The power supply should acquire its power from a low impedance source, such as the alternator or generator end of the electrical buss. Historically, the rotating beacon or strobe light circuit breaker is added on the electrical buss at the opposite end, with the radio in between the strobe breaker and the low impedance end of the electrical buss. Any noise generated by the power supply will be transmitted into the radio through the A+ input lead to the radio. Most of the new radio equipment manufactured today has inadequate input filtering, and any noise on the electrical buss is amplified in the radio and produced through the speaker and/or head phones loud and clear.
Two things can be done to alleviate the problem...
1. Connect the strobe light circuit breaker to the low impedance end of the electrical buss, using a 16-gauge jumper, as close to the battery as possible.
2. Install additional filtering in the radio A+ line, or provide an isolated A+ source for the radios by installing a filter choke in series with the radio input power lead and a filter adapter to ground and reference all radios to their filter. This will also improve the radio system from other line noises.
Frequently, the noise is not on the A+ lead but is conducted through the ground circuit. Alternator, electrical motor, fuel pumps and strobe light power supplies draw heavy current through the ground circuit of the aircraft's frame. Any voltage drop in the ground circuit between the battery ground and the radio ground can look like a signal to the radios. When the speaker, headphone and microphone use the aircraft's ground for return to the radios, one will always experience some interference. The amount of interference depends upon how much potential difference there is between the two ground points. By isolating the audio grounds from the airplane ground at the speaker, head phone and microphone junctions, and grounding the aforementioned with the radio at one central ground point, will eliminate the majority of all ground inducted radio noise.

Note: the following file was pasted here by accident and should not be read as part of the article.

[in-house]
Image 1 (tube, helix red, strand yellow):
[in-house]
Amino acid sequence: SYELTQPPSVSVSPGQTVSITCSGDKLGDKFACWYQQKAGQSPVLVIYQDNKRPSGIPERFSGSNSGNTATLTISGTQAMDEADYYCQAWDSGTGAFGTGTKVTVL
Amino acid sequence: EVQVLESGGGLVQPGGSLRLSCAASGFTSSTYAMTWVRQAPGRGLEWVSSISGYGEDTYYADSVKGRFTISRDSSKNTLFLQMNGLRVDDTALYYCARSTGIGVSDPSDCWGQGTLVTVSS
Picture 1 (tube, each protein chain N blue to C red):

Do not parallel any audio leads with any power lead supplying energy to a noise generator; (i.e.) alternator, electric motor or DC choppers such as inverters and strobe light power supplies.
The interconnecting cable between the power supply and the remote strobe light head assembly radiate very little, for the output circuit of the power supply is very low impedance. They can radiate RF like an antenna if the shield is not terminated to ground. The radiation of RF energy is reduced to a minimum by properly terminating the shield at one end or the other, generally the power supply end, but which ever proves the quietest ground. Do not terminate both ends.
When installing a strobe light system, provide a good ground and a low impedance source to the strobe light power supply. Eliminate ground loops in audio circuits by using a centrally located ground point for all audio grounds. If noise problems persist, and the procedures described have not cleared them up; please contact Aeroflash for assistance.
For more assistance, use our Contact Us page
or call 312-733-3513 Ext. 300 (M-F 6:00 AM to 2:30 PM CST)